Charles Farrell © 2010 All Rights Reserved
When I couldn’t find you
I went looking for clues. The psychic said
he saw your last girlfriend
hurling a glass at you while you bent
with your hands over your face.
I bent over the secret box you’d left behind,
not wanting to open it. I finally picked
at the yellowed tape that slid off
in one strip. I hovered over the ticket stubs,
souvenir coasters and pressed flowers
before I could actually touch them.
I hovered over the letters and pictures.
She was a redhead as I was a redhead
when I first met you. She held a bottle
of vodka between her toes. There wasn’t much
furniture in the apartment you two shared.
She looked bitchy. I studied her first
and last name on the return address label
of her love letters. She wanted to know:
Why did you leave her? Why wouldn’t you
at least give her a call? I googled her—
she’s a professor now, teaching math
in the Midwest. She gets crappy scores
The students complain she is hard
and unforgiving, two emotions
I sometimes feel towards you.
While we were married, you never talked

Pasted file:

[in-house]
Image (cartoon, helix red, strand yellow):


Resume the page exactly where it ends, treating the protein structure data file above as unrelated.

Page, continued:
about your past relationships
which I thought was classy. But now
I wish I knew if she really threw
that glass. And, if so, what kind of argument
had come before. The psychic said
even as a kid, you’d been abused, that a maid
had punched you, but you were too scared
to tell. All you ever said to me
was that you loved your nannies,
the way their scalps smelled
like lilacs when they held you.
I held the pictures of your ex
above the shredder and said,
“You have done enough damage,”
whether she did or not.
The psychic was trying
to construct a narrative
that made sense. I was trying
to do the same. You were missing,
but what was the crime?
The psychic’s prediction
that you’d be back was wrong.
He said you’d never hurt me
but you did. You were missing,
but who was guilty?
Your ex was Miss Scarlet
wielding the lead pipe in the study.
Your maid was Mrs. White
polishing the candlestick in the kitchen.
The psychic was Professor Plum
fumbling with rope in the ballroom.
I was Mrs. Peacock in the Study
holding what? The phone?
A photograph of a young woman
frowning? A New Year’s Eve
noisemaker smudged with her lipstick?
I destroyed the evidence. An x-ray
you’d saved of her wisdom teeth
shredded by the whirring blades.
* * *
You are bald, in solidarity
with my mother who has just
lost her hair in a freak accident,
with all the cancer patients,
and alopecia sufferers, with the receding
who are healthy but wish
they still had their curls. Watch out
for the pickpocket behind you
and the hotdog vendor ahead.
Don’t trip on the homeless man
wrapped in a blue wool blanket.
You are not alone with your dark
polka dot nostrils and oval mouth,
hollow even of teeth. I am waiting
for you, Scream, with my fluid hips,
my long skeleton hands. Screech